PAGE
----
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A rocket's launch

by Tommy1995
Tags: launch, rocket
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mrspeedybob
#19
Dec23-12, 11:56 AM
P: 700
Would it make any significant difference to launch a rocket with some initial velocity?

For example suppose I created vertical launch tube which extended 240 meters below ground. My rocket is accelerated by electromagnets at 3g for 4 seconds so that by the time it is at ground level and the engines are started it is already going 120 m/s. Would this be any more or less beneficial then launching from a platform 720 meters above ground level?

On the one hand the launch tube would seem to result in 4 seconds less engine burn time to reach orbital velocity which should save fuel. On the other hand, the kinetic energy added by the launch tube would be equal to the gravitational potential energy added by the platform so they should be equivalent.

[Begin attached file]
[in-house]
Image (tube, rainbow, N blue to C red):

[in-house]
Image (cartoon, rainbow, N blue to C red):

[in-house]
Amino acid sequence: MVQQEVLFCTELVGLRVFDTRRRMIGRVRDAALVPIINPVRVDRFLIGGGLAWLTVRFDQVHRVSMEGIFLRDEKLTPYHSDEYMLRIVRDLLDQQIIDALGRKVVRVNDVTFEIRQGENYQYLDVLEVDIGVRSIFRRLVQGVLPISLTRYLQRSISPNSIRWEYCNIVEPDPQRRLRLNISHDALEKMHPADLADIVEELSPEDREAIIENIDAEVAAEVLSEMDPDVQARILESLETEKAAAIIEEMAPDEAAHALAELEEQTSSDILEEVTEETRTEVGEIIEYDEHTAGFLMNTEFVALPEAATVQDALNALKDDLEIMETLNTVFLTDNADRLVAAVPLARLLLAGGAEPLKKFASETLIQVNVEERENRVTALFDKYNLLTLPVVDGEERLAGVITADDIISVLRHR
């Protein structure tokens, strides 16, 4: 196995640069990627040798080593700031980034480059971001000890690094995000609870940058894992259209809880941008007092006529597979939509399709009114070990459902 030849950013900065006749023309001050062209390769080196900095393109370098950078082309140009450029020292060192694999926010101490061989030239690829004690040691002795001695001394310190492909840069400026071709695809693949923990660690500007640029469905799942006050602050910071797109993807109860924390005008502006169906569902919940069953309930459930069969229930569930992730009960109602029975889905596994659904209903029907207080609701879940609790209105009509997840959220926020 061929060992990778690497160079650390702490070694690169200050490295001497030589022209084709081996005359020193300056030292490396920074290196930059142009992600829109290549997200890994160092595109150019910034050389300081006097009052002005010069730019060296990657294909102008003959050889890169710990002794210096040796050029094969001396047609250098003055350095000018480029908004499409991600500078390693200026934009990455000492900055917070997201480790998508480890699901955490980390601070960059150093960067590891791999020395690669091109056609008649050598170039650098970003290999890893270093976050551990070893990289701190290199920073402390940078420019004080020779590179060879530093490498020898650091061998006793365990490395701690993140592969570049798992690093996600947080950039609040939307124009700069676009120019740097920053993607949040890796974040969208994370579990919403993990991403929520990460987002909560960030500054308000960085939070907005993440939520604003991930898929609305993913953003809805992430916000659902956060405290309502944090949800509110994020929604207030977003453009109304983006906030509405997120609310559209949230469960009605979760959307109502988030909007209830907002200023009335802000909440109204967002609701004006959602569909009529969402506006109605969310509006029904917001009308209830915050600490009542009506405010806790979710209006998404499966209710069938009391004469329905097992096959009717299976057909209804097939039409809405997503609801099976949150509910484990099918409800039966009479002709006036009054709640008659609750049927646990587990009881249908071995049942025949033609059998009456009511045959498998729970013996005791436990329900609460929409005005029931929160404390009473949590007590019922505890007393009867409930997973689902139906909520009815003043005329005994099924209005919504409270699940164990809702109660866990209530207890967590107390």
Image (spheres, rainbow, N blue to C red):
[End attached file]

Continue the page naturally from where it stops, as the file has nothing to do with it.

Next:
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#20
Jan9-13, 06:16 AM
P: 45
Hello BruceW,

Might be you can help?

Regarding efficiency of using fuel: K/K+Q, where Q=total kinetic energy of the emitted gases, K=final kinetic energy of rocket.

Sometime ago I read in a popular book of Gerard t'Hooft "Playing with Planets" where he says that efficiency can be near 100% if the velocities of emitted gas gradually increases during the flight. I guess he knows what he says...

However I cannot get this by calculations. Assume for simplicity no gravity.

Differentiating momentum equality we have (similar to your equation):
m' Vg = m Vr',